According to the authors, the large percentage of UMIs has not been understood in the past due to previous reliance on ECG data; thus “a significant public health burden” has not been fully appreciated.

Click here to read the JAMA press release…

Troponin Test May Allow Rapid MI Rule-Out in the Emergency Department Reply

More than three-quarters of people with chest pain can be triaged within an hour of arrival at the emergency department with a novel strategy utilizing high-sensitivity cardiac troponin (hs-cTnT), according to a study from Switzerland published in the Archives of Internal Medicine. The strategy is promising, according to anaccompanying editorial, but much work remains before it can be implemented in clinical practice.

Tobias Reichlin and colleagues first studied 436 patients and developed a treatment algorithm utilizing hs-cTnT baseline changes and absolute changes over the initial hour. The algorithm was then tested in a second validation cohort of 436 patients, with the following results:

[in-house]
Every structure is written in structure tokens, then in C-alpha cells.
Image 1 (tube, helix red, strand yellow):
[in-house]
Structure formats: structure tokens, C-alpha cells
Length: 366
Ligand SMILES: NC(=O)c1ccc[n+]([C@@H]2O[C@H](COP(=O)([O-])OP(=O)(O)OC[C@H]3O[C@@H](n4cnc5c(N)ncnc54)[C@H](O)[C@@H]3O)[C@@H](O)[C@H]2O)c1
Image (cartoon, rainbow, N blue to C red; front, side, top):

• 60% were classified as “rule-out”
  • 17% were classified as “rule-in”
  • 23% required further observation
  • Overall sensitivity and negative predictive value: 100% for rule-out
  • Specificity for rule-in: 97%
  • Positive predictive value for rule-in: 84%
  • Prevalence of MI in the observational group:  8%
  • 30-day survival: 99.8% in the rule-out group, 98.6% in the observational group, and 95.3% in the rule-in group

The authors claim that their strategy “may obviate the need for prolonged monitoring and serial blood sampling in 3 of 4 patients.”

In an accompanying comment, L. Kristin Newby writes that the Swiss study “is a major advance in understanding the application of hsTn testing that with continued development could substantially improve evaluation of ED patients with suspected MI.” However, she notes that the excellent results obtained in this initial study will probably not be equalled in the real world. In addition, she writes, “although touted as ‘simple’ by the authors, the need for multicomponent algorithms that are different for rule-in and rule-out and that vary by age group or other parameters will challenge application by busy clinicians unlikely to remember or accurately process the proposed algorithm. As such, it will be imperative that hsTn algorithms, if validated, are built into clinical decision support layered onto electronic health records so that testing results are provided electronically to physicians along with the algorithmic interpretation to allow systematic application in triage and treatment.”
Click here to read the press release from Archives…

Meta-Analysis Compares Drug-Eluting and Bare-Metal Stents for Primary Angioplasty Reply